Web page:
Comparing Suturing And Stapling In Coronary Bypass Grafting Anastomosis

Coronary heart disease (CHD) is the number one killer worldwide and is responsible for 12.2% of all deaths. CHD is caused by a plaque buildup in the heart’s arteries, which can lead to a heart attack. If the plaque buildup level in the coronary arteries is high (i.e. ‘occlusion’), the most common treatment that involves surgery is the coronary artery bypass graft (CABG), which essentially bypasses the blocked area with a grafted blood vessel to bring blood to the heart muscle. Connecting the grafted blood vessel with the coronary artery is called anastomosis. For years, graft anastomosis has been done using suturing by hand. In the past several years, the U.S. Food and Drug Administration (FDA) approved products that allow a surgeon to do stapling anastomosis. However, while limited research has been done, additional research is still needed to learn more about the differences between suturing and stapling of such grafting anastomosis. Therefore, the purpose of this study was to investigate which suturing type (suturing vs. stapling) of coronary bypass grafting anastomosis provides a higher blood flow rate. After designing, developing, and programming an artificial heart capable of operating at different heart rates using a Lego® NXT™ robotic arm, we recorded the pressure on two gauges in order to calculate blood flow rate using Poiseuille’s Law.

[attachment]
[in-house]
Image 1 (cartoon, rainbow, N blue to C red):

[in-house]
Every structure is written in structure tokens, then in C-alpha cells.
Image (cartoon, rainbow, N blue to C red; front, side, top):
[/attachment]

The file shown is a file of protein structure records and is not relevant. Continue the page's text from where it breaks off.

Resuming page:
The results showed the suture anastomosis had a higher flow rate than the staple, because the staple slightly deformed the artery. Moreover, the results of this research follow Poiseuille’s Law in that a small reduction in an artery radius indeed can have a significant effect on the reduction the blood flow rate. Future research is recommended to learn more about how to improve the staple anastomosis in terms of improving blood flow rate in the grafted artery.

Ethan Z. Levy, Yair Levy